Australia has rather suddenly woken to the fact that although exports to China are a significant source of the nation’s wealth, Beijing has been hard at work trying to undermine Australia’s relationships with it its strategic allies, the US and Japan.
Complicating this issue is another fact: the ethnic Chinese community in the country is now second only in numbers to the Anglo-Celtic population base and continues to grow rapidly, mainly from the mainland.
Three events have come together to focus on these questions. First and most important was the unveiling by Malcom Turnbull’s conservative Liberal-National coalition government of draft laws to limit the ability of foreign governments to influence local politics and decision making. The target was clearly China which here, perhaps more than elsewhere, has been making concerted efforts to influence Australians in its favor on such issues as the South China Sea and the relative importance of relations with Australia’s largest trading partner, using media and academic links, and money.
Local media have been eager users of Beijing-oriented free copy and universities are blessed with Confucius Institutes and other aspects of China’s generously financed soft power. Beijing appears to have seen Australia as a particularly promising target given its open society and economic reliance on China trade, students and property investment.
If some thought that Turnbull was simply indulging in some China-bashing to shore up his shaky government, the next bit of news did more than just shake the opposition Labor Party. It was an illustration of just how vulnerable some high-profile Australians were to the lure of Chinese friendship and money. It was revealed through a series of leaks to the media that a high profile Labor Senator, Sam Dastyari, an up-and-coming politician from the right wing of the Labor party in New South Wales, had not only been in personal receipt of Chinese money but had attempted to influence others to support China’s position on the South China Sea – in conflict with the policy of his own party as well as the government.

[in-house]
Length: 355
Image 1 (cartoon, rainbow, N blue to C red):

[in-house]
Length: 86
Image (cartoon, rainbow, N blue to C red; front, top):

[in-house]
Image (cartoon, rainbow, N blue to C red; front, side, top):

Dastyari was forced to resign amid speculation that additional names would be “outed.” The leaks most likely came from an intelligence source, possible Australia’s own Australian Security Intelligence Organisation (ASIO) which has warned of the extent of Chinese attempts to buy influence.
According to ASIO, two billionaire Chinese businessmen resident in Australia have donated A$6.7 million to Australian political parties. One, a former Shenzhen property developer, was until recently chairman of one of the Chinese United Front organizations operating in Australia – the Council for the Peaceful Reunification of China. Mainland security officials are also known to be active keeping an eye on Chinese students and, where necessary, “persuading” them not to be influenced by liberal and democratic notions.
All this coincided with a by-election in the Liberal held seat of Bennelong in Sydney. A Labor win for this seat would likely have led to the downfall of the Turnbull government, which has the narrowest of majorities in parliament. The constituency happens to have the highest proportion of ethnic Chinese voters in the country – about 19 percent. There was speculation that they would be offended by the anti-Beijing tenor of the proposed laws and the Dastyari affair and vote Labor. In the event, it appears to have made no difference. The swing against the Liberals was only 5 percent, less than expected given the government’s poor standing, compared with the 9 percent needed to unseat them and there was no indication the Chinese voters were influenced.